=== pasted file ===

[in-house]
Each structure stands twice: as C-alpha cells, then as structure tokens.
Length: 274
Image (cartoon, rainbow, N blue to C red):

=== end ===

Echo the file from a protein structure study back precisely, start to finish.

[in-house]
Each structure stands twice: as C-alpha cells, then as structure tokens.
Length: 274
Image (cartoon, rainbow, N blue to C red):